Back by popular demand, ittsss the 'Art book of the month' review:
February's choice, 'The First Pop Age' by Hal FosterWithout realising it (when I first picked this book up) this was to be the second book I was going to read by Hal Foster within the last couple months. What drew me to reading this book wasn't, as I mentioned, because I recognised the author (and had I known, I might not have actually picked it up at all because the last book I read of his, 'The Return of the Real' was pretty heavy going) but because I've always been a fan of Pop Art/'the Pop Artists', despite my own practice not necessarily having too much of an obvious link to the Pop Art style or use of 'popular imagery'. I would like to argue that in fact, tools are pretty popular, in the sense that we all claim to use them, but that's probably best left for another day. So, whilst my own work isn't directly about mechanically produced imagery, collage, design and celebrity icons, I have always had an unashamed love for the stylistic, impact and sometimes heroic 'in your face' brashness to pop art making it one of my all time favourite periods in art history. Second to that Futurism and thirdly maybe Surrealism. I like Pop because out of it the everyday object wasn't just 'art' in the Dada or Duchampian 'ready-made' sort-of-sense but the everyday object in art could now also be cool. A toaster, a golf ball, a Brillo box could be attractive, desirable and more; that's 60's American consumerism for you! Whilst this celebration in the aesthetic and design of everyday images, advertising and mass-production printing techniques is actually quite exciting for the arts I suppose my problem with Pop Art was that alone it was almost too concerned with appearances and that actually what I liked about the 'toaster, the golf ball and the Brillo box' were that they had meaning and significance that was also outside the superficiality of what they 'look like'. You're probably aware that when you look at specific artists within Pop Art that it is in fact, actually a lot more complicated than even that, and I'm not going to hazard going into it in any more depth in what is supposed to be a book review, but it does set the scene for some of the things that this book discusses and why I was interested in it in the first place.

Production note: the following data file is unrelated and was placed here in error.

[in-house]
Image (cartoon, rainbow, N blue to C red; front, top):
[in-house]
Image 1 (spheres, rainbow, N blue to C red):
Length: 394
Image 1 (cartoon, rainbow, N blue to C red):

As I mentioned earlier, the previous book I'd read by Foster, 'The Return of the Real' was useful as there was some good stuff on indexical mark making and representation but overall I actually found the whole thing pretty challenging in its use of terminology in places and as a result it lost my attention. I'm pleased to say that 'The First Pop Age' is different and reads a lot more like individual essays, which are divided into five chapters; each one on a different artist; Richard Hamilton, Roy Lichtenstein, Andy Warhol, Gerhard Richter and Ed Ruscha. Sadly no female Pop artists in this book (as in fact, the author acknowledges at the start due to reasons of female Pop artists receiving sustained attention much later in their careers as in Pop-another book to come out of that methinks) and artists such as Claes Oldenburg, Jasper Johns, Robert Rauschenburg and Jim Dine rarely get a mention despite also being in the pop scene. Still, it would be impossible to cover it all at the cost of substituting in-depthly discussions on the five artists chosen. Also, if you're going to pick five pop artists then Hamilton, Lichtenstein, Warhol, Richter and Ruscha seem at least pivotal ones to go for, also they are all painters. All of which poses the question, do we get tired of the same big names all the time? How much more is there to know, can we deconstruct about Warhol and Lichtenstein that hundreds of other books and essays haven't already told us? It is a fair question, I think and one that has no definitive answer, I only think that every individual book, no matter how popular the subject matter will always offer a different take and for some readers that 'take' or shall we say interpretation of a popular artist and their work might be the first time they've ever read/come across that work. So the whole thing is, as ever, very subjective; both to reader and author. 'Subjective' being the key word here and is actually how the five artists in, 'The First Pop Age' are untied in what Foster writes as he unravels the workings and decision makings in their paintings. Foster does take a different interpretation from the norm and chooses to discuss the formal qualities of Pop rather than subject matter. He also takes Pop further by debating how it has influenced images today, i.e screened and scanned images and whether we have moved on from Pop or do echoes of it still remain? I enjoyed reading what Foster had to say about works like '$he' by Hamilton and 'In the car' by Lichtenstein that are familiar to me and I can honestly say I never really knew anything much about Ruscha's work so that was also an eye opener. The good thing about the book was the breadth of work by each of the five artists (illustrated beautifully in colour!), as Foster discusses several important works by each of them making the whole thing a lot more paced and lively. All of which couldn't be more appropriate for a book on Pop Art. To speak generally again, I think I have always found books on pop art to be somewhat of a contradiction, the art in Pop is very often meant to be seen on impact and immediacy where as a book on Pop is always asking you to, 'stop' and 'reflect' and consider what it all might mean and I suppose whilst having the two together in the form of a book on Pop Art, like 'The First Pop Age' is somewhat of a contradiction what it is overall saying is that it doesn't matter if you're not interested in Gerhard Richter working from photographs, Richard Hamilton using collaged images or Andy Warhol reproducing food packaging what books like this do highlight is the complexity of our relationship to images and how we choose or are influenced to read into them or not. And that is interesting to every artist even if you don't like Pop.